IMF Executive Board concludes the first review under the PLL Arrangement with Morocco
On May 12, 2017, the Executive Board of the International Monetary Fund (IMF) completed the first review under the Precautionary and Liquidity Line (PLL) Arrangement and reaffirmed Morocco’s continued qualification for the PLL.
The two-year PLL arrangement for Morocco in the amount of SDR 2.504 billion (about $3.42 billion) was approved by the IMF’s Executive Board in July 2016. The Moroccan authorities stated their intention to continue treating this PLL arrangement as precautionary. It has provided insurance against external risks and supported the authorities’ program to rebuild fiscal and external buffers and promote higher and more inclusive growth. The arrangement will expire on July 21, 2018.
Following the Executive Board’s discussion, Mr. Mr. Furusawa, Deputy Managing Director and Acting Chair, said, “Morocco’s sound economic fundamentals and overall strong record of policy implementation have contributed to a solid macroeconomic performance in recent years. The external position remained strong in 2016, as international reserves further increased despite a higher-than-expected current account deficit. While fiscal developments were less favorable than expected, this was due in part to slower growth and accelerated value-added tax reimbursements. Growth is expected to rebound in 2017 and accelerate gradually over the medium term, subject to improved external conditions and steadfast reform implementation.
“This outlook remains subject to significant downside risks, including from weak growth in Morocco’s main trading partners, geopolitical risks, and global policy uncertainty. In this context, Morocco’s PLL Arrangement with the IMF continues to serve as valuable insurance against external risks and supports the authorities’ economic policies.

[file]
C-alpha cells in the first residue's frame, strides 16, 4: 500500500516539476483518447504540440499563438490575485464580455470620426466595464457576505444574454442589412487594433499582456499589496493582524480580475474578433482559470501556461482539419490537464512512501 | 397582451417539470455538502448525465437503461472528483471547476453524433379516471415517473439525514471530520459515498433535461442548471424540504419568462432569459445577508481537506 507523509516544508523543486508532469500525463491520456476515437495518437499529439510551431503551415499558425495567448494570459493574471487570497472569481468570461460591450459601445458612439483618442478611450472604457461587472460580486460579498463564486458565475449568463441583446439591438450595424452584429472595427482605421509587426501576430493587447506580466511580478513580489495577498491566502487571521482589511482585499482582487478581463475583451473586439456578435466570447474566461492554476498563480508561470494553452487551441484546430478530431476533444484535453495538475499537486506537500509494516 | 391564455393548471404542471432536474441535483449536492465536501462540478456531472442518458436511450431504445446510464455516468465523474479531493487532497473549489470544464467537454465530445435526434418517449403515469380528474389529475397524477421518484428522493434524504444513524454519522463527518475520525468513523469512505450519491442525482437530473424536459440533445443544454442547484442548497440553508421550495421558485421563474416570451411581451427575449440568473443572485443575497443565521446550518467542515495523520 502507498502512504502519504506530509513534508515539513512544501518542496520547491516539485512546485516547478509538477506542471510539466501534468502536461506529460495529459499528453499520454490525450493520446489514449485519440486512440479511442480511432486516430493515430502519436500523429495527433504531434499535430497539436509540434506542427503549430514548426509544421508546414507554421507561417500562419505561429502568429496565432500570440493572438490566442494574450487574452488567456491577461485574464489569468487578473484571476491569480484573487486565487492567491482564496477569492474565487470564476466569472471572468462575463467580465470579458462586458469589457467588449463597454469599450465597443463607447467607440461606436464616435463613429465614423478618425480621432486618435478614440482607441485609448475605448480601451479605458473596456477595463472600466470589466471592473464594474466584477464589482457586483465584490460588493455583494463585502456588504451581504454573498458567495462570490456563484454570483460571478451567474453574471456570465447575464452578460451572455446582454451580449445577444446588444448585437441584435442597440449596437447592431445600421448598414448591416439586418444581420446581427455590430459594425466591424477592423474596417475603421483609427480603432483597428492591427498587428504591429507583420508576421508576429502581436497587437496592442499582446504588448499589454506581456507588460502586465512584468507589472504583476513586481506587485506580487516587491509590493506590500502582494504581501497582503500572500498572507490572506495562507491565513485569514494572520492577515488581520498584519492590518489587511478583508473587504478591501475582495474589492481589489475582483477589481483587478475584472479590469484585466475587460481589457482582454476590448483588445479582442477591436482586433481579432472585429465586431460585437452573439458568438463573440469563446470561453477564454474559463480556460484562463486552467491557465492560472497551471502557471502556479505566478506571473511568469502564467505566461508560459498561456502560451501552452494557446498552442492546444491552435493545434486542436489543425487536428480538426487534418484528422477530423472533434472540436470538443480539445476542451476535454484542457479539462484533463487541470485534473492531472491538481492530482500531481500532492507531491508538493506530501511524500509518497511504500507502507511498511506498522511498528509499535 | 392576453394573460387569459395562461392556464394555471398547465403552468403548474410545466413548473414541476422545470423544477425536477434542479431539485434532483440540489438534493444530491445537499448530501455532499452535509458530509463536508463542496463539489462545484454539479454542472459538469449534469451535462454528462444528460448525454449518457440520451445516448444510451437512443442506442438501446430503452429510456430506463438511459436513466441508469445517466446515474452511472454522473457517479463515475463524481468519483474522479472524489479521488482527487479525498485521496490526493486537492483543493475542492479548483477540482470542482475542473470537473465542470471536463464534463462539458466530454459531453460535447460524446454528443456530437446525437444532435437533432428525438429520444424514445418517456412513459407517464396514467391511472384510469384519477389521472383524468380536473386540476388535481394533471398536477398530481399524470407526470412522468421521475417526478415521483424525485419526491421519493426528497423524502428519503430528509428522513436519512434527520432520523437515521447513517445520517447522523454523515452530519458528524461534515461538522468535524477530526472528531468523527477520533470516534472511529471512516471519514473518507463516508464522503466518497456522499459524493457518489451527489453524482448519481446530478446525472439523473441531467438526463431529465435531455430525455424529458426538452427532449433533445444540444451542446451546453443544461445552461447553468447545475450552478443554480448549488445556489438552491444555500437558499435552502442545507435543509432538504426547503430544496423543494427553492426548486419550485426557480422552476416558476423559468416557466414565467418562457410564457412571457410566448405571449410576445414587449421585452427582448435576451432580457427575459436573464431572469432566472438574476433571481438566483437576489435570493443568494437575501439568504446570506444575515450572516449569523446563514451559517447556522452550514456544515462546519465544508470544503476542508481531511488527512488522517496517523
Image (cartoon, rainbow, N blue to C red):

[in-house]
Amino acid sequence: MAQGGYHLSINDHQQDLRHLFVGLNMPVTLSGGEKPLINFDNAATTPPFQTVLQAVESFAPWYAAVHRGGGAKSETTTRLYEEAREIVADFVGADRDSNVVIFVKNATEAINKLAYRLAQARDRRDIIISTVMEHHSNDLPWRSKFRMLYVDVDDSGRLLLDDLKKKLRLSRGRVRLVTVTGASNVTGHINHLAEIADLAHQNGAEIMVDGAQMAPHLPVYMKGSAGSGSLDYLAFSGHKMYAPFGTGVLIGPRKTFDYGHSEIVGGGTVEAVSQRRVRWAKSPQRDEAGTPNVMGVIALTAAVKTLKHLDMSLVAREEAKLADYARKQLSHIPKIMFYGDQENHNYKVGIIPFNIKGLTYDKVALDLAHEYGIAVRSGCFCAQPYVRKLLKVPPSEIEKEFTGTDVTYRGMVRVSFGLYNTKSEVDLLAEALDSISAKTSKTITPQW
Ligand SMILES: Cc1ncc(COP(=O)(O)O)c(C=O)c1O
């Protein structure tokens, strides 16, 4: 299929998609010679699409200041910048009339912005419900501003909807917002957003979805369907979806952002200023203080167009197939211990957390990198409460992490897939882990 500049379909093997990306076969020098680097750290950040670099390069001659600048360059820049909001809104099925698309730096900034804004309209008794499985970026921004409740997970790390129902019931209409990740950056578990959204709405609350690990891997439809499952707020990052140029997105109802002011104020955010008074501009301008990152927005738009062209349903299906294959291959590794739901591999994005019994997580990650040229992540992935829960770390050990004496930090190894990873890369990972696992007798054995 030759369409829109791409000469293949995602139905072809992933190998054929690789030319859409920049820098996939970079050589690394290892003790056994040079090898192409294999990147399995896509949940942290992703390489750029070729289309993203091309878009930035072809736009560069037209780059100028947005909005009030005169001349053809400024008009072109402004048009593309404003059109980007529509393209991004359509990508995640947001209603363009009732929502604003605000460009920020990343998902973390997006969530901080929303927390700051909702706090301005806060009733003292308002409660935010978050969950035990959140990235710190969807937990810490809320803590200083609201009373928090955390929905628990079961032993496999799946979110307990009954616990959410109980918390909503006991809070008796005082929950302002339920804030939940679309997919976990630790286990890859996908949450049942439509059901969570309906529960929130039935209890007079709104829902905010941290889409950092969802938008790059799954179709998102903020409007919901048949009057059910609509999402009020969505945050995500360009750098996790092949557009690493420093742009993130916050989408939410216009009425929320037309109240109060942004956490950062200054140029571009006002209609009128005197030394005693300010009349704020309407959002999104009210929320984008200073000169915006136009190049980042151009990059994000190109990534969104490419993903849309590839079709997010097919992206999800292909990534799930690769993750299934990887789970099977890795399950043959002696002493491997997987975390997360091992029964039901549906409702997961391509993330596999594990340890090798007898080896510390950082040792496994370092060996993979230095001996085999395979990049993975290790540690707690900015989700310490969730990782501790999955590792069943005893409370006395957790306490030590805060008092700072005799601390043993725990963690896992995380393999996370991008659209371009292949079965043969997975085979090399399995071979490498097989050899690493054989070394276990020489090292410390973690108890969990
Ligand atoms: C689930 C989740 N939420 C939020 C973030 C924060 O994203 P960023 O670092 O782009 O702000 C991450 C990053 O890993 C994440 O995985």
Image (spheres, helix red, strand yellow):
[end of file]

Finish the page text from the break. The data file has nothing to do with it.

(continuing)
“The authorities are committed to further reducing fiscal and external vulnerabilities while strengthening the foundations for higher and more inclusive growth. Building on progress made in recent years, further fiscal consolidation is needed and should be based on continued expenditure control, a comprehensive approach to enhance revenues, civil service reform, careful implementation of fiscal decentralization, and strengthened oversight of state owned enterprises. Adopting the central bank law and continuing to implement Financial Sector Assessment Program recommendations will help strengthen the financial sector policy framework. Moving toward a more flexible exchange rate regime will help preserve external competitiveness and enhance the economy’s capacity to absorb shocks. Finally, improving the business climate and governance, competitiveness, access to finance, and labor market policies is essential to raise potential growth, reduce persistently high unemployment levels, especially among the youth, and increase female labor participation.”